BEFORE HE WAS kicked out of office -- at least momentarily -- by this week's bizarre and ineffective coup, Soviet President Mikhail S. Gorbachev had been placed in political peril uncounted times by die-hard novelists desperately milking the Cold War for one more conspiracy.
In a host of recent thrillers, American writers had threatened the Soviet leader with assassination, kidnapping and elaborate coup plots, usually spawned by true-believing Communists intent on making the Motherland once more safe for Marxism.
But even in these fictional bastions of the Cold War, the crumbling of communism has brought sweeping change. Gorbachev is often portrayed as a good guy. And he frequently is saved in the nick of time by . . . the CIA.
Now that fact has overtaken fiction, it seems likely that this sub-genre will get a lift as readers supplement accounts of inscrutable Kremlin chicanery with imaginary scenarios of cutthroat power politics.
Already, at least two writers are getting a boost for their prescient books about plots against the engineer of perestroika and glasnost.
Bantam Books has announced that it is speeding up publication of veteran spy novelist Robert Littell's latest book, "An Agent in Place." Originally scheduled to be out in mid-January, it will be published next month. The book will be emblazoned with a sticker proclaiming, "The prophetic new thriller that goes behind today's headlines," says Bantam spokesman Stuart Applebaum, noting that "one of the plot lines of the book is hard-liners in the Kremlin plotting to overthrow Gorbachev."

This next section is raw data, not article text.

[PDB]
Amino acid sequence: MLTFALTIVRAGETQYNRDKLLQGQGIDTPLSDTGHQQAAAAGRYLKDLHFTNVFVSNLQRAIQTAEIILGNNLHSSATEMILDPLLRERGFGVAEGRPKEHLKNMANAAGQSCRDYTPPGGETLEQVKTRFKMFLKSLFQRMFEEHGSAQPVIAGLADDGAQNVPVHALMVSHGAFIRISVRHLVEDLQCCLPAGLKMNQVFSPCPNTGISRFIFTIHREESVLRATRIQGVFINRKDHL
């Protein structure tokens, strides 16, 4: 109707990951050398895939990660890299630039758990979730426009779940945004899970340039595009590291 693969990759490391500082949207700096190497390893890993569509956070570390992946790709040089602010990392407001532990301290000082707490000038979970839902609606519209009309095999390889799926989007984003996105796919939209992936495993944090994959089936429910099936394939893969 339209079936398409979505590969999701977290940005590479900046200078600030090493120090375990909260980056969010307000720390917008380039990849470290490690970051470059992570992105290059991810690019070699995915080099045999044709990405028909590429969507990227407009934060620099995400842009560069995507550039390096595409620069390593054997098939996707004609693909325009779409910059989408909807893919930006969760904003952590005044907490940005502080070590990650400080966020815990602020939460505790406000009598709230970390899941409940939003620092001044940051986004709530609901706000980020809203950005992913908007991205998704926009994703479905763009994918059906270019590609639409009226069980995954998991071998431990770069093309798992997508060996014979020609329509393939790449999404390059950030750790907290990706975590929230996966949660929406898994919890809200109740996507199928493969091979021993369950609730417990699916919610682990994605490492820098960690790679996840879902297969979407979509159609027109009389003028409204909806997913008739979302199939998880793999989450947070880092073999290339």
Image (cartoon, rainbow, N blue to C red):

Meanwhile, author Joseph Finder says that since the coup "apparently there's been a spike in sales" of his first novel, "The Moscow Club," published last February by Viking. A scheme by the KGB and the Soviet military-industrial complex to exterminate Gorbachev lies at the center of the long and complex novel, Finder says.
The failed coup is a blessing for thriller writers everywhere, Finder says. The coup restores mystique and political opacity to the Soviet Union, essential elements for the free reign of imagination.
"The fact that [the coup] happened recharged a lot of batteries," he says. "Under Gorbachev, the Soviet Union was becoming less mysterious and less baroque. But the coup shows that unpredictability of the Soviet Union is still there."
Publisher Neil Nyren of Putnam, who also edits techno-thriller writer Tom Clancy's books, says that Finder was a little ahead of the curve in his perception of Gorbachev's shaky hold on power. But within the last two years, as knife-sharpening against Gorbachev became common knowledge, writers turned to unseating the Soviet president as "a natural plot line," Nyren notes.